How I learned about the shades of grey in life, Part 1

The world is much easier to explain in black & white and when I was younger I lacked the knowledge and wisdom I have earned over the years, not that I’m old, but I can now appreciate the shades of grey in life.  Someone told me once that we learn from our actions, but it is our mistakes that give us wisdom. I want to share some of my mistakes or mistakes I was part of.

Learn when to listen

As in store logistic manager in the Linköping IKEA store I worked close with the sales team in the store to take care of the articles that were being taken out of range. Two times a year we repeated the process of emptying out the old to leave room for the new products. Every time we faced the challenge of selling out the stock at a preset budget of price reduction. Best practice was to simply take the forecasted sales for the remaining period and see if we ended on plus or minus with the stock we had. If we had a minus we looked if the article was critical for our sales and looked if we could either get more of the old article or if the replacer was available earlier than the switch date. Then we looked at the plus too see where we would invest price reductions. We did not have advanced tools for price elasticity, so it was up to the sales organization to select what articles to push with price and articles to push through commercial actions. In some cases we traded articles that had not been delivered yet with other stores so we could focus on fewer articles and push bigger volumes. This was all done in Excel (blessed tool), and it was the plan. We only had the task to execute, but if the pile of stock was too big, this would be communicated back in the chain to see if we could change the time horizon (that very seldom had any effect).

One year we got a huge pile of 2-seat sofas. Let’s say that the original price was €60, because I can’t remember. Only problem was that the supply chain had delivered 120 sofas and ZERO covers. Another 80 sofas where to be delivered 6 weeks before the end date and there was no input on when the covers would arrive. Our feedback to the supply chain was very clear, if the covers don’t arrive with the last shipment of sofas, don’t bother sending them to us. Then we slashed the price of the sofa to €1.99, ordered some extra bedspreads that fit and sold it off as a package. The sofas where displayed everywhere in the store and we cut a deep whole in our price investment budget. The second delivery arrived, still no covers. By now I would cringe at the mere sight of these sofas, but we battled on. Two weeks before the end date we had 5 sofas left, that’s when we got a delivery of 200 covers. 195 covers that could not fit with anything, simply a waste of space. We could not even give them away. So we threw them out, costing us and additional €10-20 for disposal. My irritation is the fact that we spent money on cutting the fabric, sewing the covers, packaging, transport to the warehouse, handling in the warehouse, transport to the store, handling in the store and disposal costs when it could have started and ended with disposal. All that time and energy for nothing. If both sofas and covers had come at once, we would actually have made money, but that is sometimes too much to ask. My boss Stefan wrote about the supply chain being the good guys and sales being the bad guys. How good are we, really…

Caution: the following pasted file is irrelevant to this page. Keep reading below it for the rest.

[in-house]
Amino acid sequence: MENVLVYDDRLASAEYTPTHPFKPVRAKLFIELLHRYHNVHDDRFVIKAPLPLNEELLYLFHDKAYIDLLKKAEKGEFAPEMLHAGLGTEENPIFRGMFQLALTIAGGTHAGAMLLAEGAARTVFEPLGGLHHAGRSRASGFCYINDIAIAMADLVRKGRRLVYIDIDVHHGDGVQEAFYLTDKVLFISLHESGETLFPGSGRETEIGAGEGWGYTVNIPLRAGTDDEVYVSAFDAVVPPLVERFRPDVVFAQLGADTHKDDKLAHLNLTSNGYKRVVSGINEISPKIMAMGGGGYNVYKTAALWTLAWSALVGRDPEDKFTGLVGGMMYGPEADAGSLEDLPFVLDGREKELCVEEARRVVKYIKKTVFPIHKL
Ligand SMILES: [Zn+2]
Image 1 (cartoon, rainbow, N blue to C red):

Lesson learned

Supply Chain need to be able to understand the sales capabilities in their company and not just shrug off the sales input as a nuisance. In the end, if sales can’t do it or won’t do it, it won’t get done. No matter how sophisticated your forecast systems and supply chain processes are.

Also, the earlier in the chain you can take the cost, the lower the cost is, no matter what budget it affects.


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